Other objects and features of advantage will be apparent upon reading the detailed description of a preferred embodiment of this invention to follow.
Briefly, my invention comprises a basic, rotatable vibrator wheel structure having an integral eccentric weight and integral turbine blades for being rotatably driven by air, for example. The blades are preferably curved in one direction or plane, only, and are essentially straight in the length dimension thereof, which is the thickness or width dimension of the wheel. The wheel has these various integral elements, including central hub means, provided thereon in such a manner and in such locations (as will be described later) that an extremely eflicient turbine is the result, and so that the States Patent "ice vibrator wheel comprises a single castable component. The wheels are adaptable to being used singly, paired, or stacked in tandem as desired, preferably in a protective housing which is easily mounted on and dismounted from the assembly to be vibrated. The housing preferably comprises one main fixed assembly, including mounting provisions for attachment to the job to be vibrated, and a removable lid or cover bolted to the main assembly after the turbine wheel is in place, with the cover containing one end support for the wheel axis. A nozzle in the housing permits air under pressure to blast onto the turbine blades for rotating power, which air is then exhausted to the atmosphere through novel protected exhausted means. In one embodiment of wheel, a hollow center is provided inwardly of the blades, the ends or sides of the wheel benig closed, thus establishing an exhaust air flow path out past the same blades again for additional rotative force.
In the accompanying drawings:
Figure l is a perspective external view of the vibrator assembly of my invention, as viewed from above.
Figure 2 is a perspective view of the assembly in Figure l, as viewed from beneath.
Figure 3 is a bottom view of the top cover of the vibrator assembly shown in Figures 1 and 2.
Figure 4 is a longitudinal section of the nozzle, taken as indicated by the line 44 in Figure 1, showing also a portion of the interior wheel.
Figure 5 is a perspective view of the turbine wheel of the assembly in Figures 1 and 2, showing the lower side thereof.
Figure 6 is a plan view of the wheel in Figure 5.
Figure 7 is a perspective view of another wheel structure usable in the present vibrator.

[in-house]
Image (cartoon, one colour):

Figure 8 is an exploded perspective view of an alternate embodiment of housing and turbine wheel.
Figure 9 is an edge view of the wheel shown in Figure 8.
Figure 10 is a plan view of the same wheel, partly cut away and showing a horizontal cross section taken as indicated by the line 10-10 in Figure 9.
Figure 11 is a vertical cross section of the same wheel, showing its entire height, viewed as indicated by the line 1111 in Figure 10.
Referring first to Figures 1 and 2 for a description of one embodiment of my invention, there is shown a housing 10 comprising a lower Welded assembly 11 and an upper cover plate 12. Lower welded assembly 11 consists of a large cylindrical mounting pipe 14 open at its lower end and secured at its upper end to a lower cover plate 15 as by inside welding 16, and a larger diameter short cylindrical barrel 17 attached solidly to the lower plate 15 as by outside welding 19. Lower plate 15 is provided with a central opening in which is pressed a bushing 20, and four exhaust holes 21 within the area of the mounting pipe 14. Four corner bolt holes 22 are also drilled in lower plate 15 beyond the barrel extent. Barrel 17 has a nozzle pipe 24 welded at an angle to its outer circumference.
Upper cover plate 12, further shown in Figure 3, has four corner bolt holes 22a and a central bushing 20a matching the corresponding elements of the lower plate 15. A circular groove 25 is further provided in the lower surface of upper cover plate 12 to fit over the top edge of the barrel 17. When assembled, the vibrator contains a turbine wheel 26 (Figures 5 and 6) enclosed within the barrel 17, and a mounting pin 27 rotatably supports the turbine wheel 26, while corner bolts 29 and nuts 30 hold the upper cover plate 12 securely in place. Cotter pins 31 and 31a, for example, through the ends of the mounting pin 27 hold the latter in place, and a small cotter pin retainer 32 is preferably fixed on the upper cover plate 12 to prevent the mounting pin 27 from rotating, even though it is press-fitted into the bushings 20 and 20a.
As shown in Figure 4, a nozzle opening 35 in the barrel 17 provides the entrance for the jet of driving air or other fluid. Nozzle pipe 24, welded concentrically with opening 35, contains a pressed-in nozzle 36. A welded collar 37 around the outer end of nozzle 36 limits the inward travel of nozzle 36 when assembling, and determines its operating position. In this way, various sizes of nozzles may be interchanged as required. A threaded end 39 on nozzle pipe 24 accommodates an air fitting (not shown) for connection of an air line to the vibrator.